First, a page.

We stopped by the Visitor Center to get “screened” for a caving permit. Park staff just wants to make sure that you’re not wearing clothes, shoes, or gear that have entered other caves. They want to minimize the risk of spreading Pseudogymnoascus destructans, or White-Nose Syndrome, a fungal disease that has devastated our precious bat populations. The spores can be transferred from cave to cave and they want to keep it from spreading to Lava Beds. It’s also important to check in with the staff to find out which caves are closed. Several of them were closed during our visit to protect the maternal bat colonies that were nesting in them.
Of the 20 caves listed on the park map, the Cave Loop Trail next to the Visitor Center has entrances to 16 of them. Since we’re both inexperienced with caving and my legs were pretty sore from the day before, we opted for the paved, lit-up, Mushpot Cave first. After that, we hiked about a mile to the entrance of the Big Painted Cave and scrambled over some rocks to get into it.
We had to crawl a bit further down into the cave past the back wall to get to the ice floor. We turned off our headlamps for a few minutes and enjoyed the sensory deprivation in the cold, dark chamber.
In the 1850’s, the Modoc people were forced from the area that is now Lava Beds to a reservation with the Klamath and Yahooskin of the Paiutes. Due to poor living conditions and conflict with the Klamath, a group of Modocs attempted to return to their land in Lava Beds. The Modoc War occurred from 1872 to 1873 when the U.S. Government attacked them to try to force them back to the reservation. The Modocs were able to fend the U.S. Army off for a while because of their knowledge of the land and using the cave system to their advantage. Eventually, they had to surrender, resulting in the execution of their leaders and the rest of their group was forced to Oklahoma.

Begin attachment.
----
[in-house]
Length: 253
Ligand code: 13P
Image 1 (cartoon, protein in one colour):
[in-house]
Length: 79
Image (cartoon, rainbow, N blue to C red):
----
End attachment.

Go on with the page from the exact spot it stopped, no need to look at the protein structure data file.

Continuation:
It always gives me an eerie feeling to explore national monuments and partway through admiring a geological feature or landscape, remember that there was blood shed in war there. The joy of running past corners of cinder cones, crouching into cave tunnels, and peering at the sides of collapsed caves was at times shadowed by thinking about Captain Jack’s Stronghold and the Native Americans that died trying to return to and defend their land. The contrasting experiences were difficult to reconcile in my mind. I feel fortunate to have the opportunity to visit our national lands, but the historical cost echoes a deep imbalance.
The molten lava that flowed there 32,000 years ago is solidified into the memories of the land in the form of lava tubes. Remembering and honoring the Native American warriors who fought for this land and the wildland firefighters we’ve lost is solidified in my mind as a mark to continue the battle for a better future for the land and mankind.
Although in many ways Lava Beds National Monument was founded with violence; the violence of volcanic eruptions and human warfare, it is a surprisingly serene place to spend a weekend. For me, the monument was an opportunity for reflection and a reminder that the shadows of a dark past should be acknowledged, but can make way for a bright future.